The audiences at a Moth performance tend to be awesome and gracious. After the performance tonight I had the chance to talk with a few people about the experience. This meant, in its own way, as much as telling the story did. I'm so grateful for the people who approached me afterward and visited. It took me a good hour to wind down, and chatting with people from the audience helped. If any of them should read this, thank you. I hope we meet again in a place where great stories are told.


A photo posted by Michigan Radio (@michiganradio) on

Sunday, June 14, 2015

Salient Pessimism 7

I hate to play Devil's advocate (which is to say I love to but have a sense of diplomacy). Case in point, I have long been itching to say the following:

If your willingness to use the "born this way" argument extends only to people you like or toward whom you are sympathetic, you are shying away from science.

Friday, June 5, 2015

Welcome Eng-Fi, Thanks to 'The Martian'

The MartianThe Martian by Andy Weir
My rating: 4 of 5 stars

There is a moment in The Martian when NASA, almost out of options, goes to China and asks to borrow a rocket. Considering the non-fictional United States currently has no human-rated rocket and has been buying seats on Russian rockets for years, there is nothing farfetched about this premise. But I digress. NASA asks China to borrow a rocket they have built for a flagship science mission. As China gives its answer, their representative conveys--quite reprovingly--how the U.S. is asking to take a rocket that would have been the scientific pride of a nation and relegate it to emergency taxi. The takeaway? In order to salvage a human mission, science takes a hit.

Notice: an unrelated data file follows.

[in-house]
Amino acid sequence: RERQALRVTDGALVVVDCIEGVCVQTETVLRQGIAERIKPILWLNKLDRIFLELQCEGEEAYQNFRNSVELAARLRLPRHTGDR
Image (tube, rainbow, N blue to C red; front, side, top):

This is a real debate ongoing in space exploration. Astronomically expensive human spaceflight, mostly just an engineering feat with political motivations, crowds out cheaper and more scientifically valuable missions. Is it worth it?

In The Martian, the answer is clearly yes. A human life is at stake--an astronaut stranded on Mars after a violent sandstorm. Put the science on hold and preserve life. Notwithstanding, it means a lot to me that author Andy Weir reserves a page of his engineering thriller to wax poignant and philosophical about larger issues of science versus politics. It elevates this novel above the level of techy procedural and provides some thematic nourishment.

Though I am a dedicated space enthusiast, I had not even put this book on my to-read list. I let it slip by like most sci-fi, especially Mars stories, which tend toward the dismal. Only when the book club I attend made it this month’s selection did I run to the bookstore and buy a copy. Our book club has a good mix of age and gender, married and single. They uniformly enjoyed this book. The intriguing problem solving that drives the plot, the likability of the protagonist, the Apollo 13 style suspense, all made for a satisfied book club. If it had been a more pretentious, dystopian sci-fi novel, even a classic, I’m not sure the response would have been so favorable.

Kudos to Mr. Weir, who has provided a wonderfully entertaining novel. We call this novel sci-fi. Yet I would argue it is more appropriate to call it engineering fiction, or eng-fi. This is not a novel of scientific discovery. It is a story about applying established knowledge. The Martian proceeds from problem to solution to subsequent problem to next solution. It has a level of techno-speak comparable to the show MythBusters. Some of the finer scientific points may go over the heads of readers like me, but the context remains clear and accessible. Save the Martian! Good read. I highly recommend it.